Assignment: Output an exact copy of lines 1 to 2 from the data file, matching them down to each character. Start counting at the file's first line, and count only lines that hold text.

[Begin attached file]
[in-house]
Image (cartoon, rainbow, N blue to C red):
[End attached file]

[in-house]
Image (cartoon, rainbow, N blue to C red):